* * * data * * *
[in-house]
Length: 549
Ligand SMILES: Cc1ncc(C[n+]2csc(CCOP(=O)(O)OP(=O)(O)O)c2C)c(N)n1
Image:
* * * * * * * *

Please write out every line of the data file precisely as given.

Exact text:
[in-house]
Length: 549
Ligand SMILES: Cc1ncc(C[n+]2csc(CCOP(=O)(O)OP(=O)(O)O)c2C)c(N)n1
Image: